- If two or more objects refer to each other, they can create a cycle whereby neither will be collected as their mutual references never let their reference counts become zero. Some garbage collection systems using reference counting (like the one in CPython) use specific cycle-detecting algorithms to deal with this issue. Another strategy is to use weak references for the "backpointers" which create cycles. Under reference counting, a weak reference is similar to a weak reference under a tracing garbage collector. It is a special reference object whose existence does not increment the reference count of the referent object. Furthermore, a weak reference is safe in that when the referent object becomes garbage, any weak reference to it lapses, rather than being permitted to remain dangling, meaning that it turns into a predictable value, such as a null reference.
- Space overhead (reference count)
- Reference counting requires space to be allocated for each object to store its reference count. The count may be stored adjacent to the object's memory or in a side table somewhere else, but in either case, every single reference-counted object requires additional storage for its reference count. Memory space with the size of an unsigned pointer is commonly used for this task, meaning that 32 or 64 bits of reference count storage must be allocated for each object. On some systems, it may be possible to mitigate this overhead by using a tagged pointer to store the reference count in unused areas of the object's memory. Often, an architecture does not actually allow programs to access the full range of memory addresses that could be stored in its native pointer size; certain number of high bits in the address is either ignored or required to be zero. If an object reliably has a pointer at a certain location, the reference count can be stored in the unused bits of the pointer. For example, each object in Objective-C has a pointer to its class at the beginning of its memory; on the ARM64 architecture using iOS 7, 19 unused bits of this class pointer are used to store the object's reference count.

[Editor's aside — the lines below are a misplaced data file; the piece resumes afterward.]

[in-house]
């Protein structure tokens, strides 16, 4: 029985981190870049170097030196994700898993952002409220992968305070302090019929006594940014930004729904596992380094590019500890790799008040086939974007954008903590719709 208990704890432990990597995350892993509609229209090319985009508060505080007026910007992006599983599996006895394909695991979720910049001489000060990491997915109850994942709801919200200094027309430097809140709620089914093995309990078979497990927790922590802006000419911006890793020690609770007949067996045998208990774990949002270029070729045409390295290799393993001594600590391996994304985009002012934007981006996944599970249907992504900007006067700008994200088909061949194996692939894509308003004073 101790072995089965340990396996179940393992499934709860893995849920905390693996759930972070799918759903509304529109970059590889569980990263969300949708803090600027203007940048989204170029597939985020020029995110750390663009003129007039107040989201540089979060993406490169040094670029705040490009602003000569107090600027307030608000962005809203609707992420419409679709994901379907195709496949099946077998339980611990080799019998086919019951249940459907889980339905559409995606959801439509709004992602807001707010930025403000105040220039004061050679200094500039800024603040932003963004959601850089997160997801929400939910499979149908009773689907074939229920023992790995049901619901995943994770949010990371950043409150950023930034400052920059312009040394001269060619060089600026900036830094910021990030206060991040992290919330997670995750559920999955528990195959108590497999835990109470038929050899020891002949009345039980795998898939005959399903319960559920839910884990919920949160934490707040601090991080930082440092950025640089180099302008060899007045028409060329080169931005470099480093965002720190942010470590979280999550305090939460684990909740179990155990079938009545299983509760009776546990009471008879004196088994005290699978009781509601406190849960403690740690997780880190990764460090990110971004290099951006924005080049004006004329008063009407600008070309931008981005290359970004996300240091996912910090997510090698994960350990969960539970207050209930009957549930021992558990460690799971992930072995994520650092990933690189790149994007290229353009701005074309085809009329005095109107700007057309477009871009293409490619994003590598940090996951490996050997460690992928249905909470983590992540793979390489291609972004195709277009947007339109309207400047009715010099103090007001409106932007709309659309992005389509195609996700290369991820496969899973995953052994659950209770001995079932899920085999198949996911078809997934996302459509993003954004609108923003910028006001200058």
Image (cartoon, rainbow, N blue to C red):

- Speed overhead (increment/decrement)
- In naive implementations, each assignment of a reference and each reference falling out of scope often require modifications of one or more reference counters. However, in the common case, when a reference is copied from an outer scope variable into an inner scope variable, such that the lifetime of the inner variable is bounded by the lifetime of the outer one, the reference incrementing can be eliminated. The outer variable "owns" the reference. In the programming language C++, this technique is readily implemented and demonstrated with the use of